With the NCAA Basketball tournament reaching the heights of hype and football players from Northwestern University trying to unionize, it’s a reasonable question. After all, the schools make a lot of money off these sports—TV rights, merchandizing, ticket sales—not to mention the cachet that comes from being a national champion. In an era of branding and name-recognition, it pays to be number one.

So the question is, should these athletes be paid—or paid more, since they do receive scholarships. First, let’s note that we’re talking about football and basketball. Other sports are money-losers for colleges, no matter how we may personally feel about our alma mater’s ski or swim teams. Those sports are part of the educational process, but there aren’t enough gate-receipts to pay for the equipment, trainers, coaches, and facilities necessary for a top track or soccer program.

But football and basketball are big business. And the schools treat them as such, booking tens of billions in revenues. We should note that the professional football and basketball don’t have their own farm systems—they use the NCAA. And the glamour and pressure of a national championship serves a high-visibility try-out for the pros. It did for Michael Jordan and Andrew Luck.

But all the cheating scandals, convoluted NCAA rules, and off-the-books booster outrages are indications that the simplest way to value labor—wages—is being suppressed. And the athletes at Northwestern aren’t necessarily looking for cash; they want scholarship-security and health protection if they suffer career-threatening injuries.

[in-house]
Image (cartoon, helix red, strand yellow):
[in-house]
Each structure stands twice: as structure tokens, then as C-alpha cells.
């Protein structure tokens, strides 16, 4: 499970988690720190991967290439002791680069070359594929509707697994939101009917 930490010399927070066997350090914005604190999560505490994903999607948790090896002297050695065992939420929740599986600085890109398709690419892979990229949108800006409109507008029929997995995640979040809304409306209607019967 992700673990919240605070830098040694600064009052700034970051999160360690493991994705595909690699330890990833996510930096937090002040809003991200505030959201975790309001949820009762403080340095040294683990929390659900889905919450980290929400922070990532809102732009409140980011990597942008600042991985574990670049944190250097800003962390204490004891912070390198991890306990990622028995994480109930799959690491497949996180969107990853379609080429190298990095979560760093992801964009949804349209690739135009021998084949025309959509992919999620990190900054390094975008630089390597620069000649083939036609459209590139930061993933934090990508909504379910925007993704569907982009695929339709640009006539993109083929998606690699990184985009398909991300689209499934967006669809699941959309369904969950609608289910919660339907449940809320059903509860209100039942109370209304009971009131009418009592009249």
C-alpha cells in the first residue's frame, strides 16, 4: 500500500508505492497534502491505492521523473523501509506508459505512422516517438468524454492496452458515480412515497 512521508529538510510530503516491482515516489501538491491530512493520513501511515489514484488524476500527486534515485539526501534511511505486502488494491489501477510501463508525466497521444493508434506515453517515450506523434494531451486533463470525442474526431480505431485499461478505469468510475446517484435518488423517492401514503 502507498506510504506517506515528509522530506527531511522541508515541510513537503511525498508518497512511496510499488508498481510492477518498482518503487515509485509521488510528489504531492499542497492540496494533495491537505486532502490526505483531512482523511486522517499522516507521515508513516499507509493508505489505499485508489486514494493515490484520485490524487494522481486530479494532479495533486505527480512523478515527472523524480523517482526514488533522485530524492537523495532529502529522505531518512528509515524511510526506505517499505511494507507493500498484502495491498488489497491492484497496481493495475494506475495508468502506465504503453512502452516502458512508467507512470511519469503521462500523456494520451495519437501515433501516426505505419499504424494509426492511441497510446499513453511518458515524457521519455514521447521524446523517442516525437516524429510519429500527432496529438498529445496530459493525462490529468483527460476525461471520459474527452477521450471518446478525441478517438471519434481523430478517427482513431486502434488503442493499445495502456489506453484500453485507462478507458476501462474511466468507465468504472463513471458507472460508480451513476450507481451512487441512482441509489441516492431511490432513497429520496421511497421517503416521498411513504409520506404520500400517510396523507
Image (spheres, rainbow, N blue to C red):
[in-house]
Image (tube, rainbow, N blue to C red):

It’s hard to argue that these athletes don’t deserve better compensation. Without their labor, the schools have no TV-rights to sell to ESPN and CBS. Adam Smith noted 238 years ago that businessmen rarely meet together without contriving some scheme against the public. These workers should tell the schools: no pay, no play.

Douglas R. Tengdin, CFA

Chief Investment Officer

Double Trouble?

Should we double the minimum wage?

That’s what entrepreneur Ron Unz thinks. He proposes to increase the minimum wage in California $12 an hour. Some other folks want to increase it to $15 per hour. They claim that higher wages will lead to higher spending, and this will stimulate the economy. In addition, companies like Wal-Mart or McDonalds can afford it. Wal-Mart’s net profits were $17 billion last year; McDonalds made $5.5 billion. But those companies’ biggest expense is labor; if the minimum wage were doubled, profits would fall by about a third. Companies would respond by raising prices and eliminating jobs.

But that’s just what Ron Unz wants. He says that the low-pay, low-skill jobs are exactly what America doesn’t need. A higher minimum wage would eliminate the lowest-rung jobs that currently draw illegal immigrants. Manufacturers would relocate factories overseas, and entry-level services would be replaced by people doing things themselves. But these effects wouldn’t be limited to immigrants—everyone would suffer.

When you artificially raise the price of something you reduce demand and increase supply. Raising the price of labor will cause businesses to cut jobs and increase—not decrease—competition for the entry-level jobs that remain, hurting those that higher minimum wages were supposed to help.

You can’t change the laws of economics via legislation. What we need are more jobs. This isn’t the way to get them.

Douglas R. Tengdin, CFA

Chief Investment Officer